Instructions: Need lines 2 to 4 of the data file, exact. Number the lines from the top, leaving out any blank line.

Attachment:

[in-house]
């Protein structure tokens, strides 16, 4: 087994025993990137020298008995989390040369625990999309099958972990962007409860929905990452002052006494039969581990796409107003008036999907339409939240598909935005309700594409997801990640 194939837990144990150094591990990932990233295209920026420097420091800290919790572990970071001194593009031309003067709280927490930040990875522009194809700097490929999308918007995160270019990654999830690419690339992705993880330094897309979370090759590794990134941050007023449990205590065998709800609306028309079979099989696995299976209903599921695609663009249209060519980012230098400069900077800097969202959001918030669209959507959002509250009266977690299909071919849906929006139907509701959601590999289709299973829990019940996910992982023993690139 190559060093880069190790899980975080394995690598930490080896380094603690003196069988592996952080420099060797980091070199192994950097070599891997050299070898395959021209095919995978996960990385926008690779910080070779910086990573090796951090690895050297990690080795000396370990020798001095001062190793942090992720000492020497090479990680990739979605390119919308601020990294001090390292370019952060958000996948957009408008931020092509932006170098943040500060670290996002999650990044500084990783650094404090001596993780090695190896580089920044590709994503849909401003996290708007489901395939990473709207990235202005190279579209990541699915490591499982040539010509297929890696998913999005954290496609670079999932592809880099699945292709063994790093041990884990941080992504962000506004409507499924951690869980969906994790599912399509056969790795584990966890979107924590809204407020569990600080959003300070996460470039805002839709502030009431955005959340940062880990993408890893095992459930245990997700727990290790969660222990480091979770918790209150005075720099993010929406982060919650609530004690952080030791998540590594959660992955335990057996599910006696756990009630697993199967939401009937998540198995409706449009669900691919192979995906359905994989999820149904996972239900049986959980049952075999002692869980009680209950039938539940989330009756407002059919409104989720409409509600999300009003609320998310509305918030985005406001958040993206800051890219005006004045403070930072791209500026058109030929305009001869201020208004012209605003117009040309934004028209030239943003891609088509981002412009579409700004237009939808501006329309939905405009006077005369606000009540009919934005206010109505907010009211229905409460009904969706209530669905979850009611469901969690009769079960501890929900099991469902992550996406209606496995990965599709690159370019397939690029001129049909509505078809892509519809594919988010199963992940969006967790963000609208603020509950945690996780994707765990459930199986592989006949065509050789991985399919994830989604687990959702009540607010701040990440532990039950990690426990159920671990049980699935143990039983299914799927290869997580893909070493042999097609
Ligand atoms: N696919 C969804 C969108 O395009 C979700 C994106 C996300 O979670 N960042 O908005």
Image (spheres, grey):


């Protein structure tokens, strides 16, 4: 087994025993990137020298008995989390040369625990999309099958972990962007409860929905990452002052006494039969581990796409107003008036999907339409939240598909935005309700594409997801990640 194939837990144990150094591990990932990233295209920026420097420091800290919790572990970071001194593009031309003067709280927490930040990875522009194809700097490929999308918007995160270019990654999830690419690339992705993880330094897309979370090759590794990134941050007023449990205590065998709800609306028309079979099989696995299976209903599921695609663009249209060519980012230098400069900077800097969202959001918030669209959507959002509250009266977690299909071919849906929006139907509701959601590999289709299973829990019940996910992982023993690139 190559060093880069190790899980975080394995690598930490080896380094603690003196069988592996952080420099060797980091070199192994950097070599891997050299070898395959021209095919995978996960990385926008690779910080070779910086990573090796951090690895050297990690080795000396370990020798001095001062190793942090992720000492020497090479990680990739979605390119919308601020990294001090390292370019952060958000996948957009408008931020092509932006170098943040500060670290996002999650990044500084990783650094404090001596993780090695190896580089920044590709994503849909401003996290708007489901395939990473709207990235202005190279579209990541699915490591499982040539010509297929890696998913999005954290496609670079999932592809880099699945292709063994790093041990884990941080992504962000506004409507499924951690869980969906994790599912399509056969790795584990966890979107924590809204407020569990600080959003300070996460470039805002839709502030009431955005959340940062880990993408890893095992459930245990997700727990290790969660222990480091979770918790209150005075720099993010929406982060919650609530004690952080030791998540590594959660992955335990057996599910006696756990009630697993199967939401009937998540198995409706449009669900691919192979995906359905994989999820149904996972239900049986959980049952075999002692869980009680209950039938539940989330009756407002059919409104989720409409509600999300009003609320998310509305918030985005406001958040993206800051890219005006004045403070930072791209500026058109030929305009001869201020208004012209605003117009040309934004028209030239943003891609088509981002412009579409700004237009939808501006329309939905405009006077005369606000009540009919934005206010109505907010009211229905409460009904969706209530669905979850009611469901969690009769079960501890929900099991469902992550996406209606496995990965599709690159370019397939690029001129049909509505078809892509519809594919988010199963992940969006967790963000609208603020509950945690996780994707765990459930199986592989006949065509050789991985399919994830989604687990959702009540607010701040990440532990039950990690426990159920671990049980699935143990039983299914799927290869997580893909070493042999097609
Ligand atoms: N696919 C969804 C969108 O395009 C979700 C994106 C996300 O979670 N960042 O908005």
Image (spheres, grey):